Fear, Hair, and Flowers?

  1. Niccolo-Machiavelli-Love-QuotesMachiavelli had a very dark ideal of politics and those who rule. It was better to be feared than loved, and you see this in the reality of politics today. Even though he was talking of princes, wars, and the common man the under lying thread of his ideals shines in the light of today’s political circus. How often have you heard someone say they fear what the government might do, or that they feel helpless when faced with authority? How often have you heard a kid say, ‘Act normal there’s a cop’? Why do so many honest people fear those in power? Why do they fear those people they elected to represent them? You see it in ads on the television for help if the IRS is harassing you, as if the government is the bad guy. Fear is a strong emotion and used in propaganda everyday to keep the masses in order and under control. The fear of aging, the fear of poverty, the fear of being different, and the list is endless.  Like a surgeon, Machiavelli created his ideal ruler, cutting to the core of the vices and virtues and leaving only the ones which would serve for the betterment of the polis, not the betterment of the man. As he states “…masses are always impressed by the superficial appearance of things…’, and this rings true today. To me it seems his ideals and contrasting realities apply today as easily as they did in his own time.
  2.  hair-mainRapunzel comes to mind when thinking of long hair. It was her hair that saved her and gave her, her own happily ever after. In fact most folktales and fairy tales feature the girl with long locks. It is a sign of womanhood and beauty. The movie Yentl is similar to the Sister Juana and her passion for learning. It is story of a Jewish girl who cuts her hair, removes her womanhood, to enter religious training reserved for males in the disguise of a boy. Godiva clothed only in her long tresses astride a white horse also comes to mind. The image of a woman in all her glory with hair shining. It is power, it is a veil to hide behind, and it is magic to the poet and lover alike. Cultures around the world celebrate long hair and many to show respect or mourning shear the head or cut the long locks. In some cultures the women cover the hair or wear wigs to hide their hair so not to tempt men. Their hair is to be seen only by family or husbands as a treasured good.  To shave your head can mean to remove what makes you a woman, to remove the temptation it causes to protect against the sin of vanity or protect others from sinning for want of you, or to show respect. But women are not alone in the symbolic value of hair, one just need to remember Samson and what pleasure and pain his great hair caused. Hair retains it great symbolic references because it is universal to all cultures and times. For as long as there are human’s heads will be covered in wondrous hair to fill the imagination with new symbols and meanings for the cultures to come.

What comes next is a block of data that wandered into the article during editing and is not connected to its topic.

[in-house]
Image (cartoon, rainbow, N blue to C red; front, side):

3.   music flower tattoo (2)It can be assigned in figurative terms that the ‘flower’ is the captives either brought back as a prize of great worth or left dead and of no use, and the ‘song’ as the dance of war the sacrifice of the prisoners to the Gods. The more flowers you have, the greater warrior you are and the bigger the sacrifice to the Gods.

4 thoughts on “Fear, Hair, and Flowers?

  1. Michaela

    I liked how your incorporated our fear of cops and the government! Fear is very much so used in propaganda to be in control. I found Machavellis ideas to relate very much to today’s politics and politicians as well. Great job!

  2. kjs93

    You are describing political betterment and societal betterment separately. I think that Machiavelli argues that the betterment of politics is equivalent to the battement of man. In his mind you can’t have one without the other, I do not necessarily agree with him however.

  3. bdfleagle


    Much of what you say about Machiavelli’s “fear” is true, however there is another way to look at it that I think illuminates his intent a little. “Fear” of a leader can be viewed as “respect”. In military and paramilitary environments, you have a choice as a leader, be the “friend” or be the “authority”. Most effective leaders are adept at being respected or “feared” while still being caring and tuned in to those they lead. Being respected or “feared” means being obeyed, with or without kindness. Many struggle with this and either give in to bullying to get the job done or cave to the pressure of the group and try to be everyone’s friend, which of course means they will be taken advantage of. Machiavelli is saying, “of the two, its better to be respected if not liked”.

  4. Jared


    You made some very fine correlations between Machiavelli’s principles and the society of today. I would say that I agree with you completely.

    I was glad to see some references to the hair of women of various cultures. I could not remember any stories in particular, but now that I have read your depictions, I was reminded of Mulan and her ability to blend into the Chinese army and able to train among men, as a man. I thought about the hair as a symbol of beauty and femininity, but hadn’t given much thought about how removing the hair leaves a women to be identified as masculine.

    Good points on the sacrifices as well. I had identified the flowers as honors or trophies, but sacrifices were ultimately the trophy. Isn’t it crazy to attempt to imagine a society such as this and being a member of it? Praying and singing for human sacrifices? It makes my stomach turn a little bit…

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